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Beecho [368 posts] 6 days ago
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I have two huge highlights of every working day: getting there and getting back. It’s London (SE15 to NW1) and 10 mostly chilled miles that could be 8.5 of madness if I took the satnav route...

If there is one, find the chilled route. I’d gladly ride another 5 miles of some sections of mine.

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CXR94Di2 [2113 posts] 6 days ago
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9x2 miles is really nothing in terms of distance.  You mention busy B road.  Have you tried leaving a bit earlier to see if there is less traffic?  

alternativley trying different routes.  It will take you a few weeks to adapt to consistent 18 miles per day, but once you're adapted it will be a doddle, less than 30 mins, even taking it easy.

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PRSboy [285 posts] 6 days ago
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Try as best you can to appreciate your surroundings. 

If you aren't enjoying it, imagine commuting by train for example, crammed in, no seat, massive expense, delays etc! 

Actually I find the really hot weather more wearing on the bike than when its cooler... you may find you enjoy it more when this hot spell ends.

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ClubSmed [692 posts] 6 days ago
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Some of the issue may be fantasy meeting reality. As pointed out by others, leisure rides are not the same as commutes, so if you were expecting it to be then you are going to be dissapointed (Imagine the difference in a car journey on a commute vs the car journey at the weekend to go out to a country pub for lunch). That is not to say it isn't as good, it is just very different. Once you get over this comparison though and just get into the flow of the commute it can be an absolute joy so don't throw in the towl just yet.

Most of the suggestions here though have been around the practicalities of the commute, which can be useful to reduce the stress involved which can also lessen the enjoyment.

A major factor of stress and loss of enjoyment for me can be the post ride facilities at work. Do you have adequate bike storage, showers, dying room, clothes storage, cafe/kitchen etc. at work?

 

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KendalRed [206 posts] 6 days ago
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PRSboy wrote:

Try as best you can to appreciate your surroundings. 

If you aren't enjoying it, imagine commuting by train for example, crammed in, no seat, massive expense, delays etc! 

Actually I find the really hot weather more wearing on the bike than when its cooler... you may find you enjoy it more when this hot spell ends.

This.

My only alternative is to drive, as public transport to work just doesn't exist (I live on the south coast of Cumbria and work in Ambleside in the middle of the Lake District) which is 23 miles each way, and not flat by any stretch. I find I can't really do it more than three times a week (especially if those three days are consecutive), so will take the car once or twice a week, depending on work patterns, but hate driving to work, especially in the summer due to the roads being clogged by tourists who don't know the roads. So although the cycle commute can be tough, I just tend to look upon the alternative as much less desirable. I've been lucky lately as I can pick and choose my days to cycle due to the constant dry and warm weather, but even during the cold and dark months UI have usually cycled 3 out of 5 days - an MTB with ice-spike tyres helped with that.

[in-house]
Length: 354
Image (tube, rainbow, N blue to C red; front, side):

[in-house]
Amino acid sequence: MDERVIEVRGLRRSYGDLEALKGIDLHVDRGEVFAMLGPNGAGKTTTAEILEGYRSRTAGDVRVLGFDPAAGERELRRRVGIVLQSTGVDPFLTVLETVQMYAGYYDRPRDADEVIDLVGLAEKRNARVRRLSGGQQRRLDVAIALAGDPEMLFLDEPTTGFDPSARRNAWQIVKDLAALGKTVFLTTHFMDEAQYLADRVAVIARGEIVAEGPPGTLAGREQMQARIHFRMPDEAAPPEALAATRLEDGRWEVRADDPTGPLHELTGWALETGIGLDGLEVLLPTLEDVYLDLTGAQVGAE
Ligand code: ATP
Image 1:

Another advantage (for me) is that the distance replicates a standard triathlon bike section, or a 25 TT, so it's good to blast it home sometimes with the tri-bars on!

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crazy-legs [1014 posts] 6 days ago
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CXR94Di2 wrote:

9x2 miles is really nothing in terms of distance. 

It is if you're coming off 1x2 miles a day!

It's going from 10 miles of pootling split into 10 x 1 mile blocks to being 90 miles of proper riding, split into 10 x 9 mile blocks. It'll take a few weeks to adapt to it properly.

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alansmurphy [1830 posts] 6 days ago
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Thanks all, some great advice.

 

Equipment wise, the pannier rack is on, the lights are all ready to go and I’m very much a believer in the “don’t give them an excuse” theory of being lit up like a Christmas tree. Work facilities are good so no issues there and I will very much consider the weeks clothes being part of the Monday/Friday routine. The bike may be a bit of an issue, it’s good don’t get me wrong but rather fallen out of love with it – Specialized Diverge Gravel bike, thinking I may look to swap for a hybrid which may in turn help change the mindset. I've also got a Livall helmet with the speakers so maybe some podcasts may make time fly...

 

The routes, the b-road isn’t a huge issue, it’s perhaps the constant 2% incline home that’s a little annoying. The other routes are good which means I can mix it up, find a little protection from wind and even make the odd ride longer and a bit more of my weekend warrior plans. It also means it’s downhill on the way in which again is a good thing to meet deadlines J The b road is also likely to be gritted in the winter so will probably become the primary route then.